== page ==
: >>(By the way, “The Commodore” was one of my >>favorite heroes and I had the pleasure of : >>attending 3 of her lectures. I used to have a >>Bulldog I named after her.)
: >>I agree here with you also but it still would >>not alter the fact that binary representation, >>in and of itself, is the ONE math base that ANY >>civilization could use for cross communication >>with another.
: I'm afraid I don't buy this. I believe that any civilization that understands mathematics need only see the value tokens enumerated from least to most significant, and the arithmatic operator and equality symbols demonstrated with a few simple equations(0+1=1,0+2=2, etc); they would get the drift pretty quickly. Throw in a few model equations and/or drawings for, say, the area of a rectangle, circle, etc., and it seems even more likely that they would get it PDQ. The only advantage that binary has is that they would need only learn two symbols, but, if they understand math, it shouldn't be any harder for them to understand how to change bases than it is for us. Once they get the idea that you're doing mathematics with your symbols, and not conveying the directions to the nearest McDonalds, it's all downhill from there. ::::::::::::: Sorry, I don't buy YOUR analysis here. I think you are again putting words in my mouth I never implied or said. I never even SUGGESTED that any society would adopt binary as math of choice. I MERELY stated that binary would be the ONE math base ANY civilization would be able to understand as presented by another. Regardless of what math base(s) any society used, binary would always a good starting point for understanding or communicating with an unknown race. Whether any society would continue to use binary as it's main method is again, another digression onto another topic that has nothing to do with my time concept point.
: >>Whether THEY would use it to develop computers >>is not an issue to my overall point. It is >>probably the only math base you could make >>this “universiality” statement about however. >>It's why we put it on the Voyager spacecraft >>and sent it as a signal from Arecebo.
: If it is a fact that we use base ten due to our physiology then this is a demonstration of one of our *natural* biases. But we don't just start out biased, we are blessed with the wonderful ability to go off an cook up an infinite number of *man-made* biases. The idea that we use base ten because we have ten fingers sounds good to me. But, isn't it possible that the reason that we use a base of higher order than binary is that when we discovered that math was something we wanted to do, it was just too damn hard to chisel all those ones and zeros to do any practical calculations with a reasonable degree of precision?(I wonder what the area of my field is? - Damn! Better go cut some more stone...) : Compactness of representation is also good reason *not* to use binary in everyday computation. ::::::::::::::::: See last comment.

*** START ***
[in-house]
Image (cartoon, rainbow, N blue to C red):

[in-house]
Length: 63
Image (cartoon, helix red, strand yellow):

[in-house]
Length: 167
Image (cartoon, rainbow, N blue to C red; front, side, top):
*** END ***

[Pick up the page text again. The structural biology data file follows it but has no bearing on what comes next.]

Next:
: Sure, *we* would find it real handy if we received a binary encoded signal, since that's how *our* computing machines and communications infrastructure operate. Is it at all possible that the reason "..why we put it on the Voyager spacecraft and sent it as a signal from Arecebo" is because of our tendency to extrapolate everything we "know" as being "universal". If you ask me, the analog VHF television signals that we have been sending out are as (un)likely to be of any use to another civilization as other signal we send, regardless of how we encode it. Regardless of the *sophistication* (gasp) of the signal we broadcast, it seems very likely to me that the only purpose it will serve is that of a beacon that shouts out "we have intelligence and here we are", assuming that ET is looking for, or even knows what to do with, an RF signal in the first place. ::::::::::::::::: Hmmm. We should discuss SETI in another thread. You may find that I agree with you here, but again......
: ::::::::::::: Thank you! :-)
: >>My original dissertation is aimed at the folly >>of thinking that going to “the past” or “the >>future” as if they are genuine tangibles, is >>the issue.
: The human imagination is a wonderful thing, isn't it? It's like our brains work overtime trying to connect all the dots, even where there are miles of empty space between them.
: Maybe where the trouble starts is when things get too abstract. Let's see if I can agree with you by bringing this high falutin' physics stuff down to a level that I can relate to. ::::::::::::::::: I believe the abstract is in thinking of the past or future as tangibles. We humans have complicated the whole time issue beyond what is necessary. THIS IS MY REAL POINT. You may be making it for me again here.
: It seems pretty clear that after you burn a piece of wood, what you end up with is heat, ash, and smoke, - and also *no* way back. In this specific case, one does not expect there to be a way to "unburn" the piece of wood by recombining these end products of combustion. Traveling backwards in time would be like unburning all of the fires in the universe at once! How the hell could one expect to do that, when it seems pretty obvious that there is no way to undo the effects of one fire, let alone a universe full of them!